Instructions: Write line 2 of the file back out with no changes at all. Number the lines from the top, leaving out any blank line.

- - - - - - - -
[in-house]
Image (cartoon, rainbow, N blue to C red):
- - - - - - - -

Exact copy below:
Image (cartoon, rainbow, N blue to C red):